The loss kept Bradley winless in conference play. Picked to finish in the upper half of the Missouri Valley in most preseason polls, and even named as a sleeper to contend for the title by one publication, Bradley got off to an impressive start on the season defeating two power conference schools in Southern Methodist of the American Athletic Conference and Penn State of the Big Ten to win the Cancun Challenge in December. But those days must seem a long way off to Bradley Coach Brian Wardle who had to suffer through his team’s fifth straight loss to start Missouri Valley play.
A three-point wing jump shot by Luqman Lundy staked Bradley to a 3-0 lead, but points were hard to come by for the Braves for the rest of the half. Darrell Brown, a powerfully built 5-10 junior guard out of Memphis, Tennessee, brought a Bradley-high 15.1 ppg scoring average into the game. But he misfired on three shots from distance, three other shots from inside the arc and went scoreless in the first half. Brown knocked down a three-point shot in the second half, but he finished with six points on 2-for-15 shooting. “He’s (Brown) a guy who can get you 30 points on a given night, so absolutely, he was a priority for us defensively,” said DeVries.
Bradley was led in scoring and rebounding by Elijah Childs, a 6-7 sophomore with broad, muscular shoulders out of Kansas City, Missouri. Childs is a back-to-the-basket big and left-hand dominant player who likes to turn over his right shoulder out of post-ups to score. Childs recorded a double-double against Drake with 15 points and 13 rebounds, but he labored through a 3-for-11 shooting first half when Bradley was in dire need of points and struggling to stay attached to Drake. “We kept shooting good shots, but we just weren’t hitting them,” said Childs.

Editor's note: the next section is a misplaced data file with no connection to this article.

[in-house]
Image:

Bradley would have benefited from a guard or wing who could knock the midrange jump shot with consistency to loosen up the Drake defense. Someone like a younger version of Wardle, who played four years at Marquette and led the Golden Eagles to two appearances in the NIT. An accomplished scorer in the midrange, Wardle averaged over 18 ppg in his senior season to win second team, All-Conference USA honors.
But after watching his team score only 52 points and never getting within striking range of Drake after the halfway point of the first half, Wardle was searching for answers after the game. “We’re in a weird place,” said Wardle. “I’ve never been here as a coach, so I’m learning. We were tough tonight, we were competing, but we just couldn’t get over the hump. Our guys do work and we’ve tried a lot of different strategies (to jump start the offense.) But we’ve got guys I don’t even recognize out there.
“The last ten minutes of the first half changed the whole game. We can’t let our offense affect our defense, and that happened tonight. We can’t let frustrations get into our heads and just have to get on to the next play. I’ve exhausted all routes, but there’s still more to do and we’ll figure it out. If we can get one (win), hopefully that will help us find our swagger again. That’s sports. The thing is you are going to go through struggles, but the last thing you can do is stop showing up and doing work. Hard work has always paid off for me. We’ll keep pushing.”
Both schools return to action on January 20. Bradley heads to Southern Illinois in search of its first conference win and Drake looks to even its conference mark at 3-3 when it entertains Missouri State.